EDITORIAL: Future pathways seem uncertain

Funding cuts are part of a sad financial reality today

Soon a successful program that has provided a place of comfort, a chance to build life and employment skills and hope for moving forward in an employment based world, will close its doors.

The Pathway Project, overseen by WorkLink – the local employment skills office for the province’s WorkBC program – is a victim of government funding cuts. As its outgoing co-ordinator can attest, its absence will be noted by the at-risk youth who have come through its doors in recent times and over the past 13 years.

At the same time, the West Shore and WorkLink have welcomed a newcomer to the employment skill-and self-esteem building crowd, Bridges for Women.

The 26-year-old Victoria-based organization has long served women from the West Shore and as far away as Sooke, who have suffered abuse and/or trauma in their lives and are looking for signs of hope to move on with their lives in a emotionally healthy way.

Both programs are designed to give people who may have been dealt a lousy set of cards in life, and those who may have made some unhealthy choices in past, a hand up rather than a handout.

We like that approach, since it helps people take responsibility for their own well-being while also teaching them there are people who really do care what happens to them.

The difficult thing about good organizations that count on government funding or private donations to survive is they are only one or two funding cuts away from extinction.

It’s not so different from individuals who are one or two paycheques away from being homeless.

We hope the services provided by the Pathway Project will be taken on by some other organization. It may be difficult to find one whose staff care as much for their clients as these folks do, but the main goal is to avoid having young people fall through the cracks and take the wrong path in life.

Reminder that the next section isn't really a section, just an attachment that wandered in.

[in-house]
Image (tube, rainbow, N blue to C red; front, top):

Just Posted

Island Corridor Foundation optimistic about restoring rail service

If green-lighted, first priority would be Langford to Victoria route

Firefighters rescue horse stuck in Saanich mud

‘It happens more often than you’d think,’ says deputy chief

Esquimalt senior’s complex getting redeveloped

The Esquimalt Lions Lodge is one of the projects to receive funding for affordable housing

Students schooled on West Shore RCMP

Presentations cover different elements of policing

Passenger passes out on a bus in Sooke

Man was revived and was alert and coherent

People flocking to Vancouver Island city to see hundreds of sea lions

Each year the combination of Steller and California sea lions take over Cowichan Bay

Humans reshaping evolutionary history of species around the globe: paper

University of British Columbia researcher had the paper published in the Proceedings of the Royal Society

Toronto ‘carding’ activist Desmond Cole stopped by police in Vancouver

Cole says his experience reveals what daily life is like for black and Indigenous residents

Dog psychic can help Vancouver Islanders better connect with their pets

Michele Wonnacott hosts one-day seminar in Nanaimo on Saturday, Nov. 17

Commercial trucks banned from left lane of Coquihalla

B.C.’s Ministry of Transportation has introduced a new program that hopes to prevent accidents and closures on the Coquihalla Highway.

B.C. on track to record same number of overdose deaths as last year

128 people died of overdoses in September, bringing the total to more than 1,100 so far in 2018

Cowichan school district defends lack of notice to parents following elementary student arrest

Officials with School District 79 stand by their decision not to send out an alert.

Canadians more prepared for weather disaster than financial one: poll

RBC recommends people check their bank app as often as the weather app

B.C. dog owner sues after pet killed in beaver trap

A Kamloops man is suing the operator of a trapline north of the city after his dog died

Most Read